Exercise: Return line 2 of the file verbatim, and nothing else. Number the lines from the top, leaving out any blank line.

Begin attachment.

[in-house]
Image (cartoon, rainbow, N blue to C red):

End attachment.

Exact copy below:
Image (cartoon, rainbow, N blue to C red):